A study by researchers at The Norwegian University of Science and Technology (NTNU) has found that GP electronic patient records in Norway has led to better availability of records, but unsatisfactory access to information.
The study by academics Tom Christensen and Anders Grimsmo says that the deployment of EPRs to GPs across the country has been successful, but problems still need tackling.
In a research paper for the BioMed Central Medical Informatics and Decision Making journal, the academics say: "Although GPs are generally satisfied with their EPRs systems, there are still unmet needs and functionality to be covered. It is urgent to find methods that can make a better representation of information in large patient records as well as prevent EPRs from contributing to increased administrative workload of physicians."
Christensen and Grimsmo researched attitudes towards the EPR systems through focus groups, observations of primary care encounters and a questionnaire survey sent to GPs.
They found that although the EPR systems were more useful for GPs, they were not providing the time-savings GPs require.
"Efficient EPR systems support the workflow and may ease the burden of documentation and accounting, possibly allowing the GP to spend more time in direct interaction with the patient. However, time studies on physician use of EPRs have failed to demonstrate any noticeable reduction in the time spent on clinician-patient encounters," they said.
GPs were saving time they used to spend looking for patient records, but access to information such as progress notes or other documents proved more difficult, they found.
The paper says: "The focus group interviews revealed that the GPs had almost immediate access to the index pages of different sections in the EPR. However, this access did not imply that access to relevant progress notes and documents was easy.
"Patient records with many progress notes and documents were often dominated by redundancy of information and the GPs had problems with achieving sufficient overview. Many of the respondents felt it was troublesome to track earlier episodes and notes in the EPR"
GPs also found that using the new system they had to spend time doing administrative tasks which their secretaries used to do such as writing referral letters and updating demographic data.
Concerns were also raised about the effects EPRs were having on clinician-patient relationships with the loss of face-to-face contact, whilst the GP enters details into the computer.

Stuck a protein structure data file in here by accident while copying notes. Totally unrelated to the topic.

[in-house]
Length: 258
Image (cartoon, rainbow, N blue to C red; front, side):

The researchers said: In this study we have found that although the availability of the EPRs was almost immediate, availability of the information within EPRs was not always satisfactory. Use of EPRs was efficient and comprehensive and tightly interwoven with the working processes in their medical practices, but also encompassed more administrative tasks for the physicians compared to paper records.
"The results indicate that although GP EPR systems are successfully adopted and highly integrated with the clinical work, there are still needs and functionality to be met. The information within the EPR was not always easily available. Instead of looking up information in the EPR, GPs often relied on their own or their patients’ memory. This was revealed both in the focus groups, the observations and the questionnaire."
Concluding the report, they call for better representation of information in the EPR systems used.
"Although GPs are generally satisfied with their EPRs systems, there are still unmet needs and functionality to be covered. It is urgent to find methods that can make a better representation of information in large patient records. Further studies are necessary to reveal why and how the introduction of EPRs have increased the administrative workload of physicians and how it could be reduced, as well as clarify contradictory results on time spent on EPR in primary care encounters."